One of the easiest ways to make sure you are playing by the DOT’s rules in trucking is to develop your own DOT compliance checklist. DOT regulations supply plenty of requirements for you to choose from, but as we’ve discussed in this blog before, they tend to lean on legal jargon that makes you fall asleep.
So here are a few items that must be on any DOT compliance checklist, in simple terms.
- Up to date driver qualification files: We’ve talked about this topic time and time again on this blog and there’s a good reason for that. Safety demands that your business remains on top of your drivers’ required records. Everybody should have recent driving records, CDL with the proper endorsements, and an up to date medical examination. No driver should be on the road without those things
- Logs: If you're not on ELD's yet, what the heck are you waiting for? Drivers aren't going to quit. ELD's make this a non-issue and all but eliminate form and manner violations during a roadside inspection. Stop dragging your feet if you haven't done this yet! Shame on you for waiting till the mandate.
- Complete history of accidents and other incidents: If it happened on the road, you have a full report on it. Even if the said incident ended in no liability for your company (maybe some idiot on a cell phone smashed into one of your trucks) you want to save all of that paperwork forever to cover yourself. Go paperless. It will save you time when you get a call one year and ten months after the incident where back pain magically started presenting itself.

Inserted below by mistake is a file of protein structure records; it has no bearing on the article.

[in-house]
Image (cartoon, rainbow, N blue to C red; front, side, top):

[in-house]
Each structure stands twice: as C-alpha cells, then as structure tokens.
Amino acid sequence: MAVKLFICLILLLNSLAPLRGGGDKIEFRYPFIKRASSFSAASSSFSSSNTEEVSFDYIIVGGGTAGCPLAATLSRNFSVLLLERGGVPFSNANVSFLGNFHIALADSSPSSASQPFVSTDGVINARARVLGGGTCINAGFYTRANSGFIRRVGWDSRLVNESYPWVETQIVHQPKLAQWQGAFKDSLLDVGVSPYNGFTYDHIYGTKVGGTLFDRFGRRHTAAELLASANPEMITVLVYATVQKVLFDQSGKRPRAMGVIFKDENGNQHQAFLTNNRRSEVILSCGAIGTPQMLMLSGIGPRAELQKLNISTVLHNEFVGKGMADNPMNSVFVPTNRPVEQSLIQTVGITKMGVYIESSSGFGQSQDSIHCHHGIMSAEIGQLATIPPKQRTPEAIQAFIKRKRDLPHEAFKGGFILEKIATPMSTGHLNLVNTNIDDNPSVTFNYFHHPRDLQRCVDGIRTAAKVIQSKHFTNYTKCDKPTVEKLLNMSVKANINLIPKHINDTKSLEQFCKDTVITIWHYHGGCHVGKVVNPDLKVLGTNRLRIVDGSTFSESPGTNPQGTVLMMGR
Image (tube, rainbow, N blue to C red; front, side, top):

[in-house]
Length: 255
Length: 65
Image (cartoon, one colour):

- Timely drug screen program: DOT regulations demand that you keep all pre-employment drug testing for all of your drivers and that you randomly test at least half of them every year. Follow the steps the DOT tells you to exactly: notify drivers that they will be tested, test them immediately afterward, and take appropriate measures to pull drivers off of the road immediately if necessary. The DOT loves to fine companies who seem to take a little too long to get all the paperwork together for a driver who failed a test and needs to go into a substance abuse program. Be sure your safety team knows the drill and takes care of those things right away.
- Document annual reviews – but make them less painful: We mentioned in our previous blog post that annual reviews are not always done correctly. Some companies are lazy about them, reducing the process to just two people signing a sheet of paper. It should never be that way. Make sure all is well with your drivers and actually talk to them about the job. You may discover problems you didn’t know of in this way. Create a simple one-page expectations contract that clearly defines your expectations for the driver and driver's expectations of you.
These are just five of many responsibilities you have in ensuring you’re DOT compliant. If your team needs a hand with these things, a compliance software system like A-Suite Compliance could be helpful in organizing these records for you or even auditing them for accuracy. Having a thorough DOT compliance checklist is essential in keeping your drivers safe and your money in your wallet.